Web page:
Rudy Giuliani and other lawyers leading President Donald Trump’s effort to overturn his defeat for re-election described a widespread and implausible fraud on behalf of Joe Biden in a news conference on Thursday, but they offered no new allegations and presented no evidence for their claims.
Their allegations ranged from complaints that Republican observers weren’t allowed to observe vote-counting in Philadelphia and Detroit to a claim by Trump lawyer Sidney Powell that U.S. voting machines made byDominion Voting Systems Inc. used software made in Venezuela at the direction of Hugo Chavez. Chavez, who served as the country’s president, died in 2013.
Powell said her claim was substantiated by an affidavit filed with a lawsuit in Georgia. Dominion Voting Systems is an American company that has said it has no connection to Venezuela.
“President Trump won by a landslide,” she said. “We are going to prove it.”
Biden’s campaign said the claims of widespread voter fraud were “categorically false.”
“Yet another Rudy Giuliani spectacle exposes, as his appearances always do, the absurdity of Donald Trump’s thoroughly discredited claims of voter fraud,” Biden’s campaign said in a statement.
Earlier Thursday, Trump tweeted that the news conference would show “a very clear and viable path to victory. Pieces are very nicely falling into place.”
“I don’t know if we’re going to have time to develop all that,” Giuliani said of the claims about Venezuelan influence in the U.S. election, adding that Republican bogeymen such as financier George Soros were also involved.
Trump’s lawyers spoke in front of a map that read, “multiple pathways to victory,” with the states Wisconsin, Michigan, Pennsylvania, Georgia, Nevada and Arizona.
The lawyers spoke without masks inside a conference room at the Republican National Committee headquarters in Washington that was crowded with journalists. Giuliani, a former New York mayor, repeatedly mopped sweat off his face.
“This is real. This is not made up,” Giuliani said. “I know crimes, I can smell ‘em”
A third lawyer, Jenna Ellis, scolded news organizations for accurately reporting that Trump’s team has not shown evidence of widespread irregularities or fraud. During the news conference, Giuliani repeatedly said he couldn’t share the names of witnesses to the alleged conspiracy, saying they would be harassed.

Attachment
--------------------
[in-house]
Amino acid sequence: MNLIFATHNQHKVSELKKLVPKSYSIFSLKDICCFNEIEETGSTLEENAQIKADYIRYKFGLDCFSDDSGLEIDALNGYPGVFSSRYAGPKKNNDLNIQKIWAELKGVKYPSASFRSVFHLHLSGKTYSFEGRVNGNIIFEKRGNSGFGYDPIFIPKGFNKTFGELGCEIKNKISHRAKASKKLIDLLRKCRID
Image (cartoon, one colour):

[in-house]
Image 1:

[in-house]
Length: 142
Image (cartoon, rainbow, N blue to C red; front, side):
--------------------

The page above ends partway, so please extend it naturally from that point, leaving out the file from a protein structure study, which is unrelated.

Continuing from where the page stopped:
“This is an elite strike force team that is working on behalf of the president and the campaign,” Ellis said.
Giuliani reviewed lawsuits Trump’s team has filed in Pennsylvania and Michigan that seek to stop the states from certifying their elections. But Giuliani said earlier Thursday that the campaign had voluntarily dismissed its Michigan suit, claiming it had achieved its goal after two Republican members of the canvassing board in the county that includes Detroit tried to rescind their votes in favor of certifying the county’s election.
Michigan’s secretary of state has said the two board members can’t rescind their votes and that the next step is for the state canvassing board to certify Michigan’s election results.
Giuliani said an additional suit would soon be filed in Georgia.
The news conference drew criticism from the Trump administration’s former director of the Cybersecurity and Infrastructure Security Agency, Christopher Krebs. Trump dismissed Krebs in a tweet on Tuesday after his agency called the Nov. 3 election “the most secure in American history.”
“That press conference was the most dangerous 1hr 45 minutes of television in American history,” Krebs tweeted. “And possibly the craziest. If you don’t know what I’m talking about, you’re lucky.
On Wednesday, Giuliani described at length to a federal judge in Pennsylvania a vast but vague Democratic conspiracy to steal the election that justified the invalidation of hundreds of thousands of votes — enough to flip the state from Biden to Trump.
Pennsylvania Attorney General Josh Shapiro, a Democrat, blasted Giuliani on Thursday, saying he has “no facts to fit his client’s false narrative about election fraud.”
On Thursday, Giuliani repeated his complaints that Republican observers were kept too far away to be able to monitor ballot processing. Election officials across the country dispute that claim, saying Republican observers were present at all times.
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